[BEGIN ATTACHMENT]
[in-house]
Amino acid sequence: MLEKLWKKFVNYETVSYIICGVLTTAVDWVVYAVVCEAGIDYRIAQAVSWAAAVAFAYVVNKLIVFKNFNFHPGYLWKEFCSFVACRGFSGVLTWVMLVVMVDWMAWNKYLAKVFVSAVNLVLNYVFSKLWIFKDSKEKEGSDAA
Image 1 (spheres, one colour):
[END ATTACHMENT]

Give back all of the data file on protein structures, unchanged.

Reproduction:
[in-house]
Amino acid sequence: MLEKLWKKFVNYETVSYIICGVLTTAVDWVVYAVVCEAGIDYRIAQAVSWAAAVAFAYVVNKLIVFKNFNFHPGYLWKEFCSFVACRGFSGVLTWVMLVVMVDWMAWNKYLAKVFVSAVNLVLNYVFSKLWIFKDSKEKEGSDAA
Image 1 (spheres, one colour):